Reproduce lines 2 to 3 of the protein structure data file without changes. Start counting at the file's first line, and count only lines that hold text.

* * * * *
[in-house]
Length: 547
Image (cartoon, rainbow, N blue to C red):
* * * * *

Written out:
Length: 547
Image (cartoon, rainbow, N blue to C red):